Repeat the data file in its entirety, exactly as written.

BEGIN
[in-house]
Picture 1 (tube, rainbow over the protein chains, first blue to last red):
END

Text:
[in-house]
Picture 1 (tube, rainbow over the protein chains, first blue to last red):